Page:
An Examination of the Persuasive Argument in Favor of the Abolition of Music in China by Mo Tzu in Against Music

Category: China, Chinese Culture
Last Updated: 03 May 2023
Essay type: Persuasive
Pages: 3 Views: 147

BREAKING NEWS: one can no longer, as a citizen of the United States of America, own any Apple products. They must all be destroyed or the country will fall apart as we know it. This news would appear unreasonable and absurd to the world. However, the Chinese philosopher Mo Tzu makes a similar announcement in his piece "Against Music." He argues that music should be completely abolished in China circa 400 BC or the entire system will far apart (237). He sees no overall benefit to music and perceives it as a threat to society, due to the fact that only the rulers and ministers reap the benefits. His argument that music singlehandedly would have destroyed the Chinese infrastructure is a string of hasty generalizations that structurally maintain sound points; however, they are blown out of proportion to the point of illogicality which causes the reader to questions Mo Tzu's argument.

The first hasty generalization that surfaces is Mo Tzu's contrast between the people's needs and music. He states that music cannot ever aid their needs to be met and that without doing so, music becomes absolutely worthless (Mo Tzu 237). He reasons that music will never protect the weak from the strong. He goes on to say that music will in no way, "rescue the world from chaos and restore it to order" (Mo Tzu 238). This is just one example of Tzu intertwining generalities in order to persuade the reader to hate music. There are lots of things in society that in no way will help any of these problems, but does he argue that those things, for example food, should be eliminated? No. Tzu rapidly entangles the reader with the shortcomings of music in his mind, but when the reader steps back the flaws in his thinking are apparent. Tzu expands his argument beyond the rational threshold by throwing denunciations around wildly.

Tzu makes another lofty claim that farmers would be unable to put in a full work day and ultimately would have a dearth of food if they listen to music (Mo Tzu 239). He goes on to say the same about females and that would cause a scarcity of clothing (Mo Tzu 239). He also asserts that those in the position of gentlemen who like music will fail to fill the granaries and treasuries (Mo Tzu 239). Finally, the most absurd conclusion is that if the rulers and ministers enjoy music then the "state will fall into disorder and its altars of the soil and grain will be in danger" (Mo Tzu 239). In my mind, this is a stretch. All of the people's duties have been met even with music in their society. It is not as if they have not seen music yet and are debating on whether or not they should introduce it. Music had been around for a long time and the economy fails to crumble apart as Tzu pronounces it will. The rulers and ministers failing their duties in particular is irrational because they listen to music the most and seek after it, yet the state remains out of disorder.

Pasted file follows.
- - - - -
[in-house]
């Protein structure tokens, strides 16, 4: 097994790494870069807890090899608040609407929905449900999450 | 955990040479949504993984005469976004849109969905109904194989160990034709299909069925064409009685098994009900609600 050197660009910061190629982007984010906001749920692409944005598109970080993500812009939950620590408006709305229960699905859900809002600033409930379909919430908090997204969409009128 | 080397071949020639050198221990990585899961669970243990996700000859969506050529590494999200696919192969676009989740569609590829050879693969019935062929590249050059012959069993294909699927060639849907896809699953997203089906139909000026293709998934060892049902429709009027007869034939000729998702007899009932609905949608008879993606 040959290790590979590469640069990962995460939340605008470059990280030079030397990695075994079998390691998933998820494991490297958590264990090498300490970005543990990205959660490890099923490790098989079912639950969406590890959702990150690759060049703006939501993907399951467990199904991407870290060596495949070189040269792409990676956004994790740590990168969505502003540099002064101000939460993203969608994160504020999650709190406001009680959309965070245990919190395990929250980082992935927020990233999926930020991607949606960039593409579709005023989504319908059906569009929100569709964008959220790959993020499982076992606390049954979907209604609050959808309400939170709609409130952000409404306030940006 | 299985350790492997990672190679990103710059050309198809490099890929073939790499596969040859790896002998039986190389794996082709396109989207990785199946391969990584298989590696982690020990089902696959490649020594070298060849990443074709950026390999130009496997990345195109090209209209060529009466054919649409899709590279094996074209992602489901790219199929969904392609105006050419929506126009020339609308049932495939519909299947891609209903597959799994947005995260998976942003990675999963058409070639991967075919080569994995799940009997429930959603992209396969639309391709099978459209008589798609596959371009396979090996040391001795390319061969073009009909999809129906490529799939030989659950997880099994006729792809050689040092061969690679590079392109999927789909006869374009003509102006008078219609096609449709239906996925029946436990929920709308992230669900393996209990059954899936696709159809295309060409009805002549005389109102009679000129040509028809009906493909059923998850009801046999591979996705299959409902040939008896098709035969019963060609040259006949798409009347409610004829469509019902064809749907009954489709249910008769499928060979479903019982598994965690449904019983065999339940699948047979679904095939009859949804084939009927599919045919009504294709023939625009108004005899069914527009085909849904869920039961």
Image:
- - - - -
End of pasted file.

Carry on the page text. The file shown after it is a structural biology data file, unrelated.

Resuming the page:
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Mo Tzu does bring up some good points, such as the fact that the common people do not get to enjoy music like the upper class. However, the tone of his entire argument takes away from those points. The focus is shifted away from the logical shortcomings of music towards his broad fantasized downsides of music. Instead of arguing for broad ideas that have flaws he should have stuck to the solid provable problems with music. Religion, for example, could have all of the same disadvantages discussed. Tzu would never claim religion takes time away from everyone and would crash the society, but he makes a similar argument with music. There are everyday things in all civilizations that bring enlightenment and consume time, but they do not stop the world from progressing. He ultimately balloons clear, simple arguments and ruins their legitimacy.

Mo Tzu ruins the legitimacy of his piece directly in the eyes of the reader by making sweeping statements and jumping to unsound conclusions instead of sticking to the concrete problems of music. His claims are all over the place and are inadequate deductions. If Tzu stuck to the problematic relationship between the common people and music he would have been more persuasive. He proclaims his hasty generalizations boldly which causes his solid points to be overlooked. He overcomplicates the issue and it is unnecessary. Mo Tzu has apparent gaps in his thinking that need to be mended in order for his argument to be seriously taken into consideration.

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An Examination of the Persuasive Argument in Favor of the Abolition of Music in China by Mo Tzu in Against Music. (2023, May 01). Retrieved from

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